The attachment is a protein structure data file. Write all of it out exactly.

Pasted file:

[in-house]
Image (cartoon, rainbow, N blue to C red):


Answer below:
[in-house]
Image (cartoon, rainbow, N blue to C red):